I was the last customer so the two shop girls and the owner crowded round to rain compliments on me. I’m still angry that I didn’t say anything beyond the weak sentence ‘that it was pretty hard to tell whether the dresses suited me given that they were several sizes too small.’ Pretty hard = impossible. But I didn’t want to acknowledge the elephant in the room, me 🙂 I also didn’t want to ruin this experience for my mum, little did I know she was thinking the same thing. So I put on an act as I was tugged in and out of dresses. Yes, this one was better. I robotically replied. Yes, the belt really complimented my figure. All the while I gritted my teeth. I was not going to be the girl that cried in the wedding dress shop.
I reached my nadir in the changing room. The last dress was a fishtail style. For those not in the know, this is a style of dress that is very tightly fitted down to the knees before flaring out like a mermaid’s tail. I tried to get the dress on over my head but the fitted bottom wouldn’t go over my chest. Fine, I lowered the dress to the ground and stepped into it and started wriggling. My bad foot caught on the silk petticoat and slipped away from me. I desperately scrabbled for balance expecting at any moment there would be a horrific tearing noise. Regaining my balance, I caught a glimpse at myself in the mirror. I looked hot and unhappy. Worse of all the changing room mirror gave me a perfect view of my bottom stuck out of the zip of the dress. Flattering, not! If I’d ripped the dress I would end up spending £2,000 on a dress I couldn’t even fit over my bottom!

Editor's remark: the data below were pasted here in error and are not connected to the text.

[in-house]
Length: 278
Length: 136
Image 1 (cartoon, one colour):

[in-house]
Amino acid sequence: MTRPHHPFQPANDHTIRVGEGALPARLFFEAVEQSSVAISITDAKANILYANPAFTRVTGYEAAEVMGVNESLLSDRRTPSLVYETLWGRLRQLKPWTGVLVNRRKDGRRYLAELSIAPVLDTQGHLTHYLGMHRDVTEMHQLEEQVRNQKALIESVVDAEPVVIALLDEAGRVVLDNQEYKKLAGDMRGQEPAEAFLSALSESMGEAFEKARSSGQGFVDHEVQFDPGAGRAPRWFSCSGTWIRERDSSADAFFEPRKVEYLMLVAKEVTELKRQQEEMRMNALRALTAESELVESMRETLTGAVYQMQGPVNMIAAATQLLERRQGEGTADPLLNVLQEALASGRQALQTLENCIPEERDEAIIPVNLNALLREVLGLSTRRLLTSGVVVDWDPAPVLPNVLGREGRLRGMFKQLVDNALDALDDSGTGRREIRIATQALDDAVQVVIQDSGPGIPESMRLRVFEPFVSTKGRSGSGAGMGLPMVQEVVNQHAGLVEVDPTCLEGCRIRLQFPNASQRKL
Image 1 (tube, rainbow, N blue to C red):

It was the most expensive dress I would probably ever try on: and it made me feel so ugly.
It was time to go home. Later that night I cried on HWSNBN. Manfully he didn’t laugh at the bottom story although I could tell it pained him not too. I vented to HSWNBN and my girlfriends. I listened to some uplifting music.
And I got over myself. I’d survived through adolescent without hating my body and I wasn’t going to let a bad experience make me start. And although I would preferred not to have that experience it taught me a valuable lesson about being assertive. The Dress, the one I could actually fit my bottom into, was out there somewhere. I just had to find it.
To be continued…